Bankruptcies are not the end
March 08, 2012
By Yakov Amihud
Financial Times Germany
(C) 2012 - All rights reserved. Copyright Financial Times Germany, Hamburg.
(German to English translation)
For the survival of the euro, it does not need a bailout. Even bankruptcy can survive the common currency. That would be even billigerals the current policy.The new rescue package for Greece, but the debate has flared up again, whether this type of assistance is the right way from the euro crisis. To a resounding no. It is true that the failure of a country should not lead to the collapse of the entire monetary union. But the commonly shared concerns that lead a payment default by individual EU countries at the end of the euro would, I think without reason. For example, would collapse the dollar, if California - its gross domestic product accounts for about one seventh of gross domestic product throughout the United States - could not pay his debts? Certainly not. No doubt the owner would suffer losses from loans in California, the U.S. currency would continue to exist though. If a European country not to pay his debts, thus helping cut and a debt rescheduling. Losers would hold in this case, the Bondholders and the holders of shares and bonds of banks and companies, the government bonds of the country concerned. The EU and the euro would continue to exist, however. There would be no need to exclude this country from the euro zone. Claims that the peace in Europe would be threatened without a parachute hit, not the case. Such claims serve the interests of the holders of government bonds of the crisis countries wishing to bring in particular the German taxpayer to pay for their losses.
The argument that a collapse of the banking system must be prevented, is basically correct: without a functioning banking system is not functioning economy. But here is worth looking into detail. It is crucial not to confuse the rescue of banks to bail out their shareholders and bondholders.
Europe should grant banks instead his unique and absolutely reliable guarantees, but only for those systems that are highly endangered and thus leave the danger of a "bank run" subject. These include deposits by private individuals or companies, demand deposits from other banks and financial institutions as well as very short-term liabilities (such as with a maturity of up to 90 days). Such systems can always be reached or not renewed, thereby bringing about the collapse of a bank. For all other types of investments - equity and unsecured debentures in particular - however, no government guarantees should be given.
Even insolvent banks can continue their business operations, such as under the auspices of the ECB - with the same management, same staff and customers. Only the shareholders and bondholders should lose their rights, as has happened in the past, for example, in Sweden. The insolvent banks will be recapitalized and then sold. In any case, such a bank rescue significantly cheaper for taxpayers than the salvation of the country that owes money to the banks.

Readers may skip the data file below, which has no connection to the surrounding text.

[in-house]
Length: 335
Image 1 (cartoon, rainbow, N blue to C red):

Who are the winners, if any further rescue packages are put together?
First, taxpayers who do not have to pay for government debt. Their tax burden would be reduced, increasing the purchasing power would demand.
Second, the economy in general. Economic growth would no longer be held back by higher taxes, the willingness to invest is no longer inhibited by the continuing uncertainty about the outcome of the debt crisis. The economy would also benefit from the fact that can be used for rescue packages proposed resources now used to improve the infrastructure of less developed EU countries. Rescue packages for debt represent a shift of wealth from taxpayers, to the debtors, as well as to holders of shares and bonds of banks that hold the debt securities. The total assets and therefore generally remain unchanged, the total demand. From an economic point of view, this process would be problematic, therefore, he would not raise taxes to fund the bailout packages make it necessary. However, higher taxes affect economic growth. That there is a negative relationship between tax rates and growth rates, have shown Robert Barro of Harvard University and other researchers. Also, there are signs that reduce their consumption of private households and their investment if the government is committed to higher debt repayments in the future. All this leads to an economic cooling.
A too strict fiscal union would also have negative political consequences. Germany could soon be viewed as "economic police" in Europe, which defines the rules and punish countries that violate these rules. The citizens of these countries would be for the dwindling as a result of layoffs, benefit cuts and higher taxes, government standard of living does not make the negligent actions of their own government responsible, but the external pressure by Germany. If other states - as is currently in Greece - can not do, should abide by the rules, Germany will come up at the end for some of their debt without the underlying problem has been solved. Moreover, the political position of Germany would be weakened.
This guest post is an advance copy of the Yearbook of Frankfurt Main Finance that appears to Frankfurt Finance Summit 2012th